The Student Room Group

Should I drop triple science for combined science?

I am a year 11 student who is currently taking triple science. Because of lockdowns I have lost a lot of learning. Unlike most schools where you choose triple science as one of your options or you stay after school to do it, our school crams all the triple content into the same amount of lessons that combined students have meaning we are constantly having to rush through everything and unlike the combined science, we do not have time to go back and review everything that we have done in lockdown, we just have to keep going. I have my mocks happening right now and the vast majority of time I have spent revising it has been on science to try and catch up for lost learning, to a point where I have barely started English and maths. My current grades in science are 6s and 7s. I am unsure if it is a good idea to swap triple science for combined and allow myself more time for everything else and re-cover the content that I missed in lockdown or to stay in triple and plough through everything. Any advice would be much appreciated.
Tom
(edited 2 years ago)
Reply 1
I believe it’s a good idea. The only reason I picked triple was because I thought it was needed for the science alevels. You have a better chance in getting a higher grade too in combined. And triple isn’t required for science alevels. My friend did combined and got an A* in science.
(edited 2 years ago)
Original post by tomrawlinson01
I am a year 11 student who is currently taking triple science. Because of lockdowns I have lost a lot of learning. Unlike most schools where you choose triple science as one of your options or you stay after school to do it, our school crams all the triple content into the same amount of lessons that combined students have meaning we are constantly having to rush through everything and unlike the combined science, we do not have time to go back and review everything that we have done in lockdown, we just have to keep going. I have my mocks happening right now and the vast majority of time I have spent revising it has been on science to try and catch up for lost learning, to a point where I have barely started English and maths. My current grades in science are 6s and 7s. I am unsure if it is a good idea to swap triple science for combined and allow myself more time for everything else and re-cover the content that I missed in lockdown or to stay in triple and plough through everything. Any advice would be much appreciated.
Tom

GCSE really isn't that in depth - my daughters school taught it in 6 month blocks doing 2 sciences at a time and so sometimes they didn't do a particular science for 6 months. She was panicking before her mocks but I just bought the revision guides for her off amazon, as the teaching was so lacking and she ended up getting 3 grade 9's on her mocks - if there is a science you definitely don't want to do at a level then yes drop to combined but if you're unsure stick with 3 for now so you don't limit your a-level choices x my daughter pretty much taught herself with the revision guides x
Original post by tomrawlinson01
I am a year 11 student who is currently taking triple science. Because of lockdowns I have lost a lot of learning. Unlike most schools where you choose triple science as one of your options or you stay after school to do it, our school crams all the triple content into the same amount of lessons that combined students have meaning we are constantly having to rush through everything and unlike the combined science, we do not have time to go back and review everything that we have done in lockdown, we just have to keep going. I have my mocks happening right now and the vast majority of time I have spent revising it has been on science to try and catch up for lost learning, to a point where I have barely started English and maths. My current grades in science are 6s and 7s. I am unsure if it is a good idea to swap triple science for combined and allow myself more time for everything else and re-cover the content that I missed in lockdown or to stay in triple and plough through everything. Any advice would be much appreciated.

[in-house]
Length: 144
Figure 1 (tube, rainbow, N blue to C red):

Tom

Definitely drop Triple, Tom. If you're struggling to fit everything in, you'd be much better off getting two good grades at Combined than three mediocre ones doing Triple. Were you planning on doing anything science-related at A level?
Original post by Reality Check
Definitely drop Triple, Tom. If you're struggling to fit everything in, you'd be much better off getting two good grades at Combined than three mediocre ones doing Triple. Were you planning on doing anything science-related at A level?

So sorry I haven't responded been having technical issues. That does sound like a good idea, I will stay in the same class as everyone doing triple but whenever they do triple only topics we re-cover older topics that we are not so good at so get revision time in class while all they are learning content. I was planning to do a level biology because I love biology however I don't like the other too sciences quite as much. Thank you so so much again for the advice.
Original post by Honey57
I believe it’s a good idea. The only reason I picked triple was because I thought it was needed for the science alevels. You have a better chance in getting a higher grade too in combined. And triple isn’t required for science alevels. My friend did combined and got an A* in science.